In a resurfaced Reddit thread called Skincare Addiction first posted in June, 19-year-old Callie asked for advice on treating her brother’s acne. 16-year-old Alec has autism, and experiences acne flare ups and dry skin because of his autism medication.
“My brother is severely disabled and is on medicine such as Risperidone that makes his skin supremely dry and acne prone,” the teenager from San Francisco posted on the online forum alongside photos of her brother’s skin.
“We have tried multiple medications from a dermatologist, including a 5% benzoyl peroxide ointment and an oral medication. The oral medication was helping but it was interfering too much with his other medications to control seizures and his behaviours.
“I’m hoping this supportive community can help create a simple routine for him to do, as he gets teased already so much at school.”
As Callie soon found out, Alec's skincare problem isn't uncommon in people taking medication to manage their autism. Many on the thread offered their advice based on either personal experience, or experience helping a loved one going through the same issues, Yahoo first reported.
Some of the things recommended include:
- Avoiding the sensory experience of 'splashing water', use cloths or wipes instead
- Keeping the routine consistent and simple before introducing too many new products
- Using light, mild, unscented products to avoid over stimulation
- Putting pictures of the products or himself using the products in the bathroom, or video taping the routine
- Changing pillowcases and sheets frequently and avoiding scented washing detergent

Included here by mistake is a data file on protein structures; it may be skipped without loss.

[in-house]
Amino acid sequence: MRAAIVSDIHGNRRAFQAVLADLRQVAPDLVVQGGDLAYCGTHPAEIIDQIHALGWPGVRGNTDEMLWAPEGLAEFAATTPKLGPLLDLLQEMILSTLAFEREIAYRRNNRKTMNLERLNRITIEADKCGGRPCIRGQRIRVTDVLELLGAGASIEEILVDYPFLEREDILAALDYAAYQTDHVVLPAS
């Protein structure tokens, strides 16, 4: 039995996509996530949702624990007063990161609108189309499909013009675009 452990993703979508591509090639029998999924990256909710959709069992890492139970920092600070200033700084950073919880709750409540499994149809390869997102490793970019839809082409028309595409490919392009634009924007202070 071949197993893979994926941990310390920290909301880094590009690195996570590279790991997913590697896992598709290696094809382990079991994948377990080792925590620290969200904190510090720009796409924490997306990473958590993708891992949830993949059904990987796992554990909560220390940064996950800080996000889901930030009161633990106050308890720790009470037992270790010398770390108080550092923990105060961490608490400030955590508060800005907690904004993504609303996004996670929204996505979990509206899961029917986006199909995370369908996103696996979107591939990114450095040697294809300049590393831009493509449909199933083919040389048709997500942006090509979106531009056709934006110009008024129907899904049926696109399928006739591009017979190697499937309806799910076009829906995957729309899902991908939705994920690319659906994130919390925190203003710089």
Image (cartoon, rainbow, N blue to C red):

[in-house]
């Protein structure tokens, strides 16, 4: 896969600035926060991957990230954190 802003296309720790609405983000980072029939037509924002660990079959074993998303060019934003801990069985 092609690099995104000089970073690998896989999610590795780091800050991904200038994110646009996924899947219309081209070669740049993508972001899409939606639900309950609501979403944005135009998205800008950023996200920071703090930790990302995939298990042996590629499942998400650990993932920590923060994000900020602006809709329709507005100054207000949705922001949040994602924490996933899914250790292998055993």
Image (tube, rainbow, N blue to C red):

Commenters also thanked Callie for creating such a supportive hub of information through posting her question.
"First, thank you for sharing! I started tearing up because my autistic brother is in the same boat. It's always nice to see autistic people being valued," one wrote.
"I just want to say that you’re an awesome sibling! My little guy is autistic and if we ever decide to have more children, I really hope they’re just as amazing!" added another.
Another user wrote, "This thread warned my heart! I have a cousin who is severely autistic and seeing you say your brother gets picked on made me remember all of the days I stuck up for my cousin in the hallways of our school. Children can be so cruel! Good luck!"
"My heart swells for you and your efforts to help your brother. I have a special needs brother who also had (what sounds like) similar issues. I’m sure he is thankful for your help," another added.
Kathy Lette spoke to Mia Freedman about raising a child with autism, and why the way we talk about it needs to change. Post continues after video.
Callie updated the thread with Alec's current skin care routine after being so overwhelmed with sensitive, helpful responses.
Morning and night, Alec will start off by washing his face with water in the shower, followed by a once-over with Simple Cleansing Facial Wipes ($5.25 for 25pk) and CeraVe moisturiser (not available in Australia, Cetaphil, QV or Dermeze would be our equivalents).
After an initial period of settling into this routine, Alec's family plan to transition him onto a gentle jelly cleanser washed off with a face washer with the help of his therapists, as well as chemical exfoliant and a serum mixed into the moisturiser after a few months, depending how he responds to different stimuli (chemical exfoliants leave a tingling sensation after application).
Many on the Reddit thread recommended Stridex, an American anti-acne product of pads soaked in Salicylic Acid you can find on iHerb. You could also try Nip + Fab Glycolic Fix Daily Cleansing Pads ($23.99 for 60pk) and Dr. Dennis Gross Alpha Beta Universal Daily Peel ($24 for five pads or $129 for 30) in Australia.
"Holy guacamole everyone I did not expect so much feedback from you all. My family and I are deeply touched from all of your suggestions," she wrote.
"This community is really capable of beautiful things when we put our heads together. I’ve never seen a better example of human kindness."
This post is one family's experience and should not be substituted for professional advice. Please talk to your GP or dermatologist for personalised, professional help.
Do you have experience with skin conditions and medications? What did you find worked for you?